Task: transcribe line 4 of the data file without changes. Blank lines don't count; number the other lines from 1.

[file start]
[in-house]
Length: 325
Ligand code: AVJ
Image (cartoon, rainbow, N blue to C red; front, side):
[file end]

Image (cartoon, rainbow, N blue to C red; front, side):